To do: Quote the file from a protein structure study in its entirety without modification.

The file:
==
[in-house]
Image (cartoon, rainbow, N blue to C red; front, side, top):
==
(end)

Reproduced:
[in-house]
Image (cartoon, rainbow, N blue to C red; front, side, top):